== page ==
I have over 600 books in my personal library that are dedicated to Walt Disney, animation and the theme parks. One of my most frequent email requests is for books related to the history of Walt Disney World. Jeff Kurtti’s Since the World Began covers the first 25 years, but there isn’t any single source that covers it all. I have published a bibliography that collects Walt Disney World books and you can find it here. There are a few that look at the individual theme parks of Walt Disney World, but not many that just look at one park.
Let’s take a look at one of the most impressive books and one of the few that is dedicated to a single theme park: Walt Disney’s EPCOT by Richard Beard.
Walt Disney’s EPCOT (also known at Walt Disney’s EPCOT Center) is a title that every theme park fan should own. It is a treasure trove of photographs, concept art, anecdotes and attraction descriptions that you won’t find anywhere else. It’s also a hopeful time capsule of the EPCOT Center that existed during the early 1980s. At 239 pages it’s also one of the most comprehensive books about a Disney theme park that has ever been produced (Disneyland Paris: From Sketch to Reality comes pretty close).
The book unfolds just like a visit to the theme park. The first section of the book is a 20-page introduction written by Marty Sklar that introduces the concept of EPCOT Center and how Walt’s ideas evolved. After that, we are introduced to EPCOT Center as any visitor would experience it, pavilion by pavilion. It is still more of a look at the art than the artists, but anyone familiar with Imagineering can easily pinpoint the artists behind the images.
As you can see from the images, this book is a treasure. The concept art, photographs of models and pictures are one reason that every fan of Epcot should own this; the other reason is the text. Richard Beard takes us through the concept and development of each pavilion. When applicable, he takes us on a ride-through and tour of the area. Since there is not one Future World pavilion that has remained untouched, this is one of the few opportunities to experience the first version of the ride. Looking at the text from the eyes of a smart phone user, if is almost comical they way the computer-based attractions and shows are described.
Although my list of favorite and important Disney books is getting fairly crowded, this one is always in the top five. It is a constant go to book when I want to look back at EPCOT Center or lose myself in some amazing concept artwork and models.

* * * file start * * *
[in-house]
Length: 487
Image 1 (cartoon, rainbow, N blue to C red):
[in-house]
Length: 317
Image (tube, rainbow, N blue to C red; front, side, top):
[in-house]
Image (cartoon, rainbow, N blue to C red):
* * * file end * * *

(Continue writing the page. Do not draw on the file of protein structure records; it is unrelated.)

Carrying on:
As of this writing, there are three different versions of the book. There are two large ones (239 pp.) and one small one (127 pp.). The biggest difference between the larger books is when they were produced, either pre- or post-opening. The first difference is obvious: one is titled Walt Disney’s EPCOT Center and the other is Walt Disney’s EPCOT. The other difference is minor yet offers the most compelling reason to collect both version–the different pictures in each book. There aren’t many photos that are disparate, and they are usually the difference between a pre-opening model of the pavilion and a post-opening shot. Either version is wonderful and will provide hours (if not days) of happy reading
The book also does what Disney no longer does which is providing concept art for attractions that are in the early planning stages. This is the go-to book for Meet the World, the Rhine River ride and the Africa Pavilion. It is almost like Disney learned their lesson and now they only release artwork that is fairly far in the approval stages.
The book does have a few fold-out pages that show larger artwork developed for the park. When you look into a copy of the book, make sure that that pages are intact (the smaller version of the book doesn’t have the fold-out pages). You can also ask which version of the book it is (pre- or post-opening) to make sure you complete your collection.
I’m always surprised and pleased when I re-read one of my copies of this book. It was obvious a huge undertaking to present it and it something that Disney no longer does. I can’t imagine a book being created that details the history of the Magic Kingdom or the resort property. (The Making of Disney’s Animal Kingdom is good, but not as awe-inspiring as the Epcot book.)
Are you an Epcot fan? Do you like the Epcot of old or the current park better? We’d love to hear your thoughts in the comments below.
By George Taylor
The Disney Review is written and edited by Jeff Heimbuch and George Taylor
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